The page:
After a dog attack or bite, the victim and pet owner must determine who is at fault. There are a variety of reasons for the attacks, and some of these circumstances are based on the actions of the pet owner or the victim. By reviewing what happened, an attorney can determine who is at fault for the dog attack.
Was the Victim on the Property Legally?
Before a claimant gets started on a legal claim for a dog attack, the victim must prove that they had a legal right to be on the pet owner’s property if the attack happened at the dog’s home. The victim must prove they were invited by the pet owner, were completing their work tasks, or were nearby the property and were pulled onto the property by the animal.
Any criminal acts linked to the attack such as trespassing, attempted break-ins, or any unlawful act disqualifies the claimant for a lawsuit. Victims who were bit by a dog get started by defining their right to be on the property.
Did the Victim Provoke or Commit Animal Cruelty?
All states have animal cruelty laws, and a victim of a dog attack must not be guilty of animal cruelty. The person cannot provoke the animal and contribute to the cause of the dog attack. If the defendant proves the victim was guilty of animal abuse or cruelty, the personal injury case could be dismissed, and the victim may face criminal charges.
Was the Dog Roaming Around Freely in A Neighborhood?
City ordinances prevent pet owners from allowing their dogs to roam freely in neighborhoods. When the dogs are going for walks or around the neighborhood, the owner must put the dogs on a leash and maintain control over them. If the dogs are outdoors, the pet owner must keep their dogs in an outdoor enclosure or fence to prevent access to humans around the area.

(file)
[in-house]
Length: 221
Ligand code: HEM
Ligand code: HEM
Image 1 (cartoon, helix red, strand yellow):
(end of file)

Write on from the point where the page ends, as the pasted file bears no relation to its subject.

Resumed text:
The dogs shouldn’t be able to escape the outdoor enclosure or fencing, and the owner must maintain these spaces for improved safety. If the dog was roaming freely in the neighborhood, the victim has a viable claim, and the pet owner faces city ordinance violations.
Did the Dog Have the Rabies Virus?
After a dog attack, the first major concern for the animal control officers is to determine if the pet was vaccinated. Any dog that has the rabies virus is a risk to everyone, and animal control officers must handle the dogs and protect the public.
If the dog isn’t showing signs of rabies but wasn’t vaccinated, the pet owner must surrender their dog to a licensed vet for an assessment and vaccinations. The pet owner incurs all costs for the 12-day quarantine and all vet services provided. The animal control officer determines what happens to the animal after the quarantine period.
Did the Owner Fail to Control Their Animal?
Pet owners face strict liabilities if their dog was involved in previous attacks, and the owner failed to maintain control over their dogs. Strict liabilities require the pet owner to pay for all the victim’s medical costs and financial losses caused by the attack.
Dog attacks are caused by a multitude of circumstances, including territorial and aggressive behavior patterns. Dog owners are required to maintain control over the animals and reduce the risk of attack by following local laws and ordinances. By reviewing dog attack laws, victims can learn what to do next when filing a legal claim.